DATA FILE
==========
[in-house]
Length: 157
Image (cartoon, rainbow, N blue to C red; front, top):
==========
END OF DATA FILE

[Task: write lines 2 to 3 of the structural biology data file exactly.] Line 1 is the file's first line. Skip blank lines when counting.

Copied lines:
Length: 157
Image (cartoon, rainbow, N blue to C red; front, top):